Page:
Managing the needs of female patients

By Nancy Groves

AMD: Women’s greatest visual threat

Women’s greatest visual threat is age-related macular degeneration (AMD), says Pamela A. Lowe, OD, FAAO, in private practice in Niles, IL. She says that the prevalence of AMD exceeds that of glaucoma and diabetic retinopathy combined among Americans (male and female).

“Especially with women being two to one over our male patients, I think it’s very important to give them every opportunity to treat AMD early,” she says.       

However, early AMD is not adequately detected by current methods, and up to 78 percent of AMD patients have irreversible vision loss at their first diagnosis, she says.         

This level of unnecessary vision loss may be lessened by use of AREDS2 nutritional supplements in certain patients who have not progressed to advanced AMD as well as by behavioral modifications, Dr. Lowe says. But in her practice, Dr. Lowe has added evaluation of dark adaptation to her management strategies.          

The earliest changes in the sequence of events that could ultimately lead to vision loss happen at the microscopic level and can’t be seen with current technology until they become drusen. This early degeneration has several effects, including a localized deficiency of vitamin A that can be measured with dark adaptation, Dr. Lowe says.

“Impaired dark adaptation isn’t a risk factor for AMD,” she says. “It’s the earliest manifestation of the disease.”

For the past two years, Dr. Lowe has been using a dark adaptometer (AdaptDx, Maculogix) to screen patients. The instrument has two clinical protocols: a rapid test for quick assessment (≤6.5 minutes) and an extended test for benchmarking (≤20 minutes). If the retina can adapt in less than 6.5 minutes, then vision is normal and there is no localized vitamin A deficiency. In patients who have AMD, whether early, moderate, or advanced, adaptation will take longer. While the rapid test yields information quickly, Dr. Lowe generally runs the extended test, which can tell her not only if a patient has AMD but to what extent.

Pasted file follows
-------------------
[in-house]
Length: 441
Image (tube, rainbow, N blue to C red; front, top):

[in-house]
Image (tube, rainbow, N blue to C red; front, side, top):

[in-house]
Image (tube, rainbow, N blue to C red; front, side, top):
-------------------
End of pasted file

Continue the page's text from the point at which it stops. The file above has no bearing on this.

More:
When a patient has a positive result, the next step is to look at the other characteristics of the retina with imaging tools, Dr. Lowe says. If drusen, pigmentary changes, and evidence of choroidal neovascularization are found, she follows the American Optometric Association’s AMD patient treatment protocol, adding dark adaptation to the list of tests. If there are no other characteristics of AMD, she follows the protocol for subclinical AMD patients, again adding dark adaption testing as well as counseling on diet, nutritional supplementation, exercise, UVA and UVB protection, and smoking cessation to the management options.

She also uses genetic testing, especially with subclinical patients.

“I want to know how to target my high-risk patients,” she says. “I want to help them before they lose any vision and have to go to a retina specialist.”

Dr. Lowe recommends the Macula Risk PGx test (Arctic Dx), which evaluates a patient’s current AMD status, genetic predisposition, and nongenetic risk factors to determine the two, five, and 10-year risk of progression.……

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Source: Optometry Times